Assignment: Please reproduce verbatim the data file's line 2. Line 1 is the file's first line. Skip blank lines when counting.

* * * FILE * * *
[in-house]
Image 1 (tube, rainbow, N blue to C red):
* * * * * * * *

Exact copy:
Image 1 (tube, rainbow, N blue to C red):